Phacelia bicolor var. leibergii
Synonym: Phacelia leibergii
The photos above and at right show varied-leaf phacelia as seen at Fort Rock State Park, Fort Rock, OR late June, 1995. Notice the gland-tipped hairs which shine within the inflorescence.
Bicolored phacelia is an annual with branched stems from 5-20 cm high. The herbage consists of many short spreading hairs with glands at their tips. The leaves are pinnatifid with narrow mid-leaf and many narrow toothed or cleft segments. The leaves are 2-10 cm long and 0.5-3 cm wide.
The inflorescences are few-flowered, compact, with bell-shaped flowers with narrow tube and flared petals. The corolla is 6.5-12 mm long with yellow tube and lavender or light blue lobes, the flower measuring about 5-10 mm wide.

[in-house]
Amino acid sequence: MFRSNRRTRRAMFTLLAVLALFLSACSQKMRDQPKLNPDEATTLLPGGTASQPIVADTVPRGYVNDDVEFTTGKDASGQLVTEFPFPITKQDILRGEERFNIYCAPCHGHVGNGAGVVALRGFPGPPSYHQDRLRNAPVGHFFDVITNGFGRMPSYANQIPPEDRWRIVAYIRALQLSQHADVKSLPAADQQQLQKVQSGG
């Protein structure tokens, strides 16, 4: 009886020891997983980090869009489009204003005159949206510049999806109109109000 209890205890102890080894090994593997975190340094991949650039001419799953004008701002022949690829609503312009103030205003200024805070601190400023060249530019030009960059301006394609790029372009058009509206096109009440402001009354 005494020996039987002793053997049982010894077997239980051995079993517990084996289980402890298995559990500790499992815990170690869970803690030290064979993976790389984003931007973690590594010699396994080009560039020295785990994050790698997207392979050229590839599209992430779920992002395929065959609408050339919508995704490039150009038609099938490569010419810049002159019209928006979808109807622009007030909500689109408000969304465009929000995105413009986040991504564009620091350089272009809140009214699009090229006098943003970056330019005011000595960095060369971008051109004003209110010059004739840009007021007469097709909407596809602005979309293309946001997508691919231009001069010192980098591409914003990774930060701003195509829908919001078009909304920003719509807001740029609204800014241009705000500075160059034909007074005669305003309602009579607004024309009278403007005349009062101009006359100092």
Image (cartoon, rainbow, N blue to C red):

Bicolored phacelia is similar to Phacelia glandulifera but has larger flowers.
Bicolored phacelia may be found on dry, open, sandy plains among sagebrush.
Bicolored phacelia may be found from central Oregon (Deschutes, Crook,, Lake and northern Malheur Counties) south along the east base of the Sierra Nevada to southern California and western Nevada.